But, OK, let the activists have it their way: we can now say with great certainty that at New York University students punch down at their contingent professors. Celebrated organic chemistry professor Maitland Jones Jr. had high standards, and we can’t have that in 2022. NYU students - who are, by any rational measure, some of the most privileged people on planet earth - organized a petition and got him fired. I hope you never get treated by one of the doctors who emerges from this mess. For years and years, I’ve used the example of adjunct vs. college students to trouble the artificial punching up vs punching down binary; adjuncts hand out grades and have ostensible power over their students in class, but in the 21st-century university, students have power in almost every way that matters. And yet the wokies continue to represent students as oppressed truth-tellers and advocates, rather than as entitled consumers who expect to be handed everything in exchange for their crushing loan debt. Well, here we have it folks, the central dilemma of social justice politics: the belief that you are a powerless subaltern under the thumb of the injustice of oppressors who you can nevertheless get fired at your whim. It’s almost enough to make you think that the world’s more complicated than the simplistic binaries everyone is so deeply dedicated to.

    And finally, a one-liner from Alan Jacobs, offering a translation of the students' demands:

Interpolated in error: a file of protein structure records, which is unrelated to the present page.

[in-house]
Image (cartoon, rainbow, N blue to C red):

“I’m not paying you to teach me organic chemistry, I’m paying you to tell medical schools that I know organic chemistry — and you’re not keeping your end of the bargain!”

  • To be fair, not a lot of help is required. But David Harsanyi provides it anyway: Some Helpful Ideas For Biden's Impeachment.

    Over at MSNBC, Steve Benen contends that Republicans, poised to take back the House next year, keep promising to impeach Joe Biden but “haven’t quite worked out” why. As a big fan of impeachments and congressional investigations, I may have some helpful ideas.

    In his conduct while president of the United States, Joseph Robinette Biden Jr. has shown a habitual contempt for the rule of law, on numerous occasions willfully violating his constitutional oath by corrupting and manipulating the power of the executive branch.

    Take the eviction moratorium. The Supreme Court explicitly ruled that the plan “exceeded … existing statutory authority.” Biden even conceded that the “bulk of the constitutional scholarship says that it’s not likely to pass constitutional muster.” And yet, knowing all this, the president decreed it so, openly ignoring the Constitution, admitting to cynically exploiting the slow pace of judicial branch rulings “to keep this going for a month, at least — I hope longer.”